Enter Stephen Crabb, EU supporter who loves opera

Big Ben

Stephen Crabb – former Welsh secretary, the first man in the cabinet with a beard since David Blunkett, and now the replacement for Iain Duncan Smith as work and pensions secretary – was immediately dismissed as a “yes man” by shadow chancellor John McDonnell, a nod to the fact that Crabb has never voted against the government.

But the Thatcher devotee will be the only man in Cameron’s team to have been raised in a council house by a tenacious single mother who left his violent father when Crabb was eight years old and took her three sons from Inverness back to her home in Wales, where they survived on welfare.

State-educated, Crabb, 43, shares Duncan Smith’s tendency to reference his Christian faith, and voted against same-sex marriage. His vote in favour of reducing employment support allowance for the disabled led to a petition calling for his resignation as patron of Mencap in Pembrokeshire.

Crabb’s broken nose bears testament to his passion for rugby, and the MP for the Preseli Pembrokeshire constituency is also a fan of opera and enjoys curry. He is married to a French woman, Beatrice Monnier, who is employed part-time as his secretary. The couple, who met at Bristol University, have two children, Ioan, aged 14, and 12-year-old Isabelle.

After graduation from university he gained an MBA at London Business School. He has an interest in foreign affairs – especially Israel, Qatar and Burma – and first came into the House of Commons as a parliamentary intern with the Christian Action Research and Education charity in 1995.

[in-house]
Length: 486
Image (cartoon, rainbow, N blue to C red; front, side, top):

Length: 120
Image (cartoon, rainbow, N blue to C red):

He has said that he wants Britain to stay in the EU, arguing that the Welsh economy benefits enormously from the single market, while calling for reform in trade and deregulation. He was touched by the parliamentary expenses scandal in 2009, when it was revealed that he had claimed £8,049 on his second-home expenses to refurbish a flat in London which he sold, then “flipped” his expenses to cover a house being bought for his family in Pembrokeshire. A room in another flat of a fellow MP was then designated as his main home. Crabb was never asked to repay any money and said at the time: “My claims were always within the letter and the spirit of the rules.”

Although he has stated he is in favour of letting the Welsh language “flourish”, the Cymdeithas yr Iaith (the Welsh Language Society) in Crabb’s constituency have not been impressed by his commitment to their cause and have dubbed him and his fellow county MP, Simon Hart, “Crap and Fart”.

Powered by Guardian.co.ukThis article was written by Tracy McVeigh, for The Observer on Sunday 20th March 2016 00.05 Europe/London

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